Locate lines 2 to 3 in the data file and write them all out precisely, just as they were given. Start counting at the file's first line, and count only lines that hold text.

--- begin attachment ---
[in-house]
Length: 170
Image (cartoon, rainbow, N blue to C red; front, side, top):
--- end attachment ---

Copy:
Length: 170
Image (cartoon, rainbow, N blue to C red; front, side, top):